The renowned Canterbury Shaker Village is in the Center of New Hampshire, easily accessed from Interstate 93. It is dedicated to preserving the 200-year Shaker legacy of entrepreneurship, innovative design, and simple living by providing a place for learning, reflection, and renewal of the human spirit. A National Historic Landmark, the Village includes 25 Shaker buildings and 4 reconstructions, along with 694 acres of forests, fields, gardens, nature trails, and mill ponds under permanent conservation easement.
The Village was the seventh of nineteen Shaker communities established throughout the eastern United States in the late eighteenth century. During Shakerism’s heyday in the mid-nineteenth century, more than 6000 Shaker brothers and sisters lived and worshipped together in celibate, communal villages. Best known for their inspired dancing and singing during worship services, the Shakers were also respected for their quality workmanship. In 1969, the few remaining sisters living at Canterbury Shaker Village established Canterbury Shaker Village, Inc., as a non-profit museum to ensure that the Shaker legacy was preserved for perpetuity. The Village has operated exclusively as a museum since 1992, when the last Shaker sister in residence, Sister Ethel Hudson, passed away and it is one most completely preserved of all the Shaker communities. The Village contains the oldest, intact, first-generation Shaker Meeting House, built in 1792, as well as the only extant eighteenth-century Shaker Dwelling House, built in 1793.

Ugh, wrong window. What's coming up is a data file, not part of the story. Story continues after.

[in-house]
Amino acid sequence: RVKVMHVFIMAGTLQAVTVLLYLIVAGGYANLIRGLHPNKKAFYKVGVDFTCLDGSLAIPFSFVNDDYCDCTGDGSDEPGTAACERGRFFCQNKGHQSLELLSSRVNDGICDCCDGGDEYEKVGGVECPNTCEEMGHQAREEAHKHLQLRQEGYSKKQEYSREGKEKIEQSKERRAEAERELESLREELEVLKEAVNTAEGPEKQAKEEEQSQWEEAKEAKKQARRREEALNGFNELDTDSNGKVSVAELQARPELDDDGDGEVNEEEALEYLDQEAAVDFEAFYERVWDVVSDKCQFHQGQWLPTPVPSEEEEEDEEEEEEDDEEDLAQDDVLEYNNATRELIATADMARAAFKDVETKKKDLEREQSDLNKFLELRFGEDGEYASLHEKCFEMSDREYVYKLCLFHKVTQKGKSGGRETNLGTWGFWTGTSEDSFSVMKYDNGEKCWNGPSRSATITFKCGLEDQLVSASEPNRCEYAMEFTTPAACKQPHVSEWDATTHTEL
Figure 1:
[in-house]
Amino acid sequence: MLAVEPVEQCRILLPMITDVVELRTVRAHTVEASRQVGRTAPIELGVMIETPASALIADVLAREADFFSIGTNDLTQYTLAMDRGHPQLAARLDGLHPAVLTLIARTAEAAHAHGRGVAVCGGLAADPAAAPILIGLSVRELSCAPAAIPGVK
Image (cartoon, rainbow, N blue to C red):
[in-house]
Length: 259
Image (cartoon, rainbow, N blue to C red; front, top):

Today, the Village offers visitors a variety of entertaining, educational, and engaging experiences in one of the most picturesque settings in northern New England. Many buildings are open to the public and feature exhibits on topics from foodways to furniture to farming. Guided tours are offered daily by skilled museum interpreters; the Village also offers special in-depth tours on specific subjects.
Historic trades are demonstrated by the Village’s cadre of volunteer artisans in many of the same buildings that the Shakers used as workshops. Demonstrations vary daily and might include oval box making, rug hooking, chair taping, or broom making. There are also a variety of special events during the season from the opening in May to the ‘Ghost Encounters’ at Halloween and “Christmas at Canterbury” during December weekends. Details may be viewed on the website, www.shakers.org.
Canterbury Center Bed and Breakfast, ‘where history meets hospitality’ was built at the same time as Shaker Village was conceived and the three rooms are named for eighteenth century citizens of Canterbury town and also Shaker Village. Evenings are tranquil and breakfasts offer delicious local produce.
Riverland on the Merrimack is also in Canterbury. Combine your visit to the Shaker Village with a stay on 10 acres along side the Merrimack River. Enjoy a stroll, watch some birds or get out in your kayak.
Other members in the Merrimack Region and the Lakes Region also have easy access to Canterbury Shaker Village. All can send you off on your visit with a discount admission coupon – please inquire when you book.